Gucci Fall/Winter 2018 – Have They Gone Too Far This Time?

Cyborgs Have Everything
What do you say when the most savvy social media brand actually loses its head? 

Photo courtesy: vogue.com

Photo courtesy: vogue.com

What do you say when the most interesting items carried down a fashion runway are not the bags? Such is the case with the Gucci Fall/Winter 2018 show. As much as we focus upon handbags, top designer Alessandro Michele both drew us in and creeped us out as models carried replicas of their heads (which, it seems, were not, for better or worse, doubling as purses), snakes and dragons.

Photo courtesy: vogue.com

Photo courtesy: vogue.com

Photo courtesy: vogue.com

Photo courtesy: vogue.com

Photo courtesy: vogue.com

Photo courtesy: vogue.com

Photo courtesy: vogue.com

Photo courtesy: vogue.com

Inspired by  “Cyborg Manifesto,” a 1984 essay by D.J. Harraway which rejected the concept of rigid boundaries, particularly those separating human from animal and human from machine, hence the “Cyborg” which titled the show. Michele’s creations did the same.  Michele said (as quoted in vogue.com:  

We are the Dr. Frankenstein of our lives. There’s a clinical clarity about what I am doing. I was thinking of a space that represents the creative act. I wanted to represent the lab I have in my head. It’s physical work, like a surgeon’s. . . . We exist to reproduce ourselves, but we have moved on. We are in a post-human era, for sure; it is under way.

In a sense, Gucci created a Frankenstein collection – or some from column A and some from column B – mixing and matching styles, looks and cultures, with a somewhat dystopian scene featuring all-gender models walking in a trance-like state, some carrying heads, some with head coverings like babushka scarves, some covering faces with knitted half-balaclavas and others with burka-like lace.  Part seen, part unseen.

Photo courtesy: vogue.com

Photo courtesy: vogue.com

Photo courtesy: vogue.com

Photo courtesy: vogue.com

Photo courtesy: vogue.com

Photo courtesy: vogue.com

Photo courtesy: vogue.com

Photo courtesy: vogue.com

Photo courtesy: vogue.com

Photo courtesy: vogue.com

Photo courtesy: vogue.com

Photo courtesy: vogue.com

Some looks just defy description.

Photo courtesy: vogue.com

Photo courtesy: vogue.com

Photo courtesy: vogue.com

Photo courtesy: vogue.com

There were feather-adorned gowns, alongside items with baseball team insignia, tweeds, florals, lace, transparency, velvet, business suits (with skirts and slacks), power, Alexa Carrington shoulders (that’s from “Dynasty” for the youngsters), futuristic sunglasses, sparkles . . . all almost too much to mention. Perhaps this was Michele’s way of saying “anything goes” – for clothing and for who you are or want to be.

The most controversial seems to be the turbans . . . resting atop white faces rather than any of color.  For this, criticism of cultural appropriation has been the strongest.

Photo courtesy: vogue.com

Photo courtesy: vogue.com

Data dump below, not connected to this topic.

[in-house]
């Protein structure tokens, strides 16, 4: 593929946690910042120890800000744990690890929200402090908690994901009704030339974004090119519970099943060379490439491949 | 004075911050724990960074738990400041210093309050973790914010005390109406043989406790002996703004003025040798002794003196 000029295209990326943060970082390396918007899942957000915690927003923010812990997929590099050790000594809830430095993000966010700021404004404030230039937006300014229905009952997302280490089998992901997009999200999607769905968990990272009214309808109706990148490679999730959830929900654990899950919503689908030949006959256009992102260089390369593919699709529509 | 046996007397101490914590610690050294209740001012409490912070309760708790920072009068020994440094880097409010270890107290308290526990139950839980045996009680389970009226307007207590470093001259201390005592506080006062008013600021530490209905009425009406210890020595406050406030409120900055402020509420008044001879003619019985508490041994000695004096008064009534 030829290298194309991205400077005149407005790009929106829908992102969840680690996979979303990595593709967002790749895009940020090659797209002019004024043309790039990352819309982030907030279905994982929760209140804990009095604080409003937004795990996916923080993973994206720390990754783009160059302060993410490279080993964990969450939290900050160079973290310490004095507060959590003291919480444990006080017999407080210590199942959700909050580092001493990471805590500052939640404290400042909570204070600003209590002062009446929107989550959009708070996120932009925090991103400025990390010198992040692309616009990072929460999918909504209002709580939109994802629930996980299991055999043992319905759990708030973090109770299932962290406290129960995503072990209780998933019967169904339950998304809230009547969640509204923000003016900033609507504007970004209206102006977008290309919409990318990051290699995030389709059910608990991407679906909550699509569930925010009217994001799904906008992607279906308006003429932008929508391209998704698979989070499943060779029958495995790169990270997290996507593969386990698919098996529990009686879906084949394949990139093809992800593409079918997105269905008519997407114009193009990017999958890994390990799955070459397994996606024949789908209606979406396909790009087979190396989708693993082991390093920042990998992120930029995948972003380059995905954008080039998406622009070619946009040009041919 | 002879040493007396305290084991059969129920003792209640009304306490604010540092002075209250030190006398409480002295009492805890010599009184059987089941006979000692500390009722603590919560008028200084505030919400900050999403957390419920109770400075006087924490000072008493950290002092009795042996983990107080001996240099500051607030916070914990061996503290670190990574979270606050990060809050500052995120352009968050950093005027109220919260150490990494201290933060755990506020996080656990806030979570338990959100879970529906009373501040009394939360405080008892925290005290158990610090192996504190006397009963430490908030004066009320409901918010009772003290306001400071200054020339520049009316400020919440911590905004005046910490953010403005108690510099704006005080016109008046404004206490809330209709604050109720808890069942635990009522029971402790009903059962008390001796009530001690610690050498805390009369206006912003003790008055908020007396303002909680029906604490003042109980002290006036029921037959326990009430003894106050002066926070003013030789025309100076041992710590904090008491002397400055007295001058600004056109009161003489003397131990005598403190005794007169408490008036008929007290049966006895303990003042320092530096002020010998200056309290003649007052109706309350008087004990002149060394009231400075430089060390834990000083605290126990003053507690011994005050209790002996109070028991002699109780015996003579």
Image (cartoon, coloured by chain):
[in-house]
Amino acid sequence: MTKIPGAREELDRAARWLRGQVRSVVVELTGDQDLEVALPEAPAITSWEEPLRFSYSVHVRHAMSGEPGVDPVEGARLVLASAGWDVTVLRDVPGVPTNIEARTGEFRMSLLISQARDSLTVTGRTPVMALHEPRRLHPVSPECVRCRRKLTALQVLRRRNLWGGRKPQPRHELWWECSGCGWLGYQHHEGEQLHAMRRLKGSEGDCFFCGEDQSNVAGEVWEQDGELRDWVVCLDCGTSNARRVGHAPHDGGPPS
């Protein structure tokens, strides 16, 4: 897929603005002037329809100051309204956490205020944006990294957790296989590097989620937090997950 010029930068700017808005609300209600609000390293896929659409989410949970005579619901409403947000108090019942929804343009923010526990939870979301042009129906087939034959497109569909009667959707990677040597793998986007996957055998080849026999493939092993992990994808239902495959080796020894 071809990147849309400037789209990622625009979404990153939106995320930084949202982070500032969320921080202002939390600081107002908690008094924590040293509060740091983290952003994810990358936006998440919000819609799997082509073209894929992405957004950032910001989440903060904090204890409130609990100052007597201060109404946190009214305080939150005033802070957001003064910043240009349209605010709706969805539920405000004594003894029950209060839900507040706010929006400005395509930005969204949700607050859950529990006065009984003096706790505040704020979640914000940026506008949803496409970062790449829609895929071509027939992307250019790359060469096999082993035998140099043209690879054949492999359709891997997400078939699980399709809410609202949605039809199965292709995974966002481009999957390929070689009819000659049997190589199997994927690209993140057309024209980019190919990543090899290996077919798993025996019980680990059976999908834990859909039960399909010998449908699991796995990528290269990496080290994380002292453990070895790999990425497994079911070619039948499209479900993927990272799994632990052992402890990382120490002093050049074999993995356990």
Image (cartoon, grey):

Photo courtesy: vogue.com

Photo courtesy: vogue.com

Photo courtesy: vogue.com

Photo courtesy: vogue.com

Remarkably, with this jarring presentation, the handbags were . . . unremarkable.  We mean that in a lovely way.  They are classic, pretty and useable. Classicists will find the Gucci logo and the striped webbing, as well as ladylike purses.

We spied a bucket hobo with an extremely long strap,

Photo courtesy: vogue.com

Photo courtesy: vogue.com

crocodile purses,

Photo courtesy: vogue.com

Photo courtesy: vogue.com

suede tote with leather and chain handle (also seen in leather),

Photo courtesy: vogue.com

Photo courtesy: vogue.com

classic leather cross bodies with detailing,

Photo courtesy: vogue.com

Photo courtesy: vogue.com

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crossbody half-circles with various fabrications and adornments,

Photo courtesy: vogue.com

Photo courtesy: vogue.com

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a basketball-like bag,

Photo courtesy: vogue.com

Photo courtesy: vogue.com

and a cross-body basket.  

Photo courtesy: vogue.com

Photo courtesy: vogue.com

So…did Gucci go a little too far this time? Is the new collection a cry for attention, or a work of avant-garde, forward-thinking art? Were there any looks you especially liked (or hated)? Tell us what you think about the presentation—and don’t forget to mention the bags!

Read related articles below:

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Gucci Handbag Showdown: Dionysus vs. Marmont
Gucci Spring 2018 Bag Teaser

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3 Responses to “Gucci Fall/Winter 2018 – Have They Gone Too Far This Time?”

  • OMG! How UGLY and repulsive! The only thing shown in these pics that looks wearable in ANY iteration is the CHANEL-inspired floral motif jacket. Says something about this Gucci collection…..

  • “Any publicity is good publicity.” It’s tiresome how often designers will go for shock value just to get people buzzing about their collection. The problem with this is that the viewers are distracted by the macabre objects instead of focusing on the clothing. It suggests, to me, a certain insecurity on the designer’s part… Was he/she unable to find a way to creatively convey their message through the clothes, instead of relying on props? I can’t help but wonder if Alessandro Michele was trying (unsuccessfully) to emulate the creative genius that was Alexander McQueen, who was no stranger to the macabre, yet managed to make it all work.

  • These looks mostly remind me of going into a thrift store or the maniqunans dressed up like this at the thrift store I liked maybe two of the bags and maybe two outfits thumbs down from me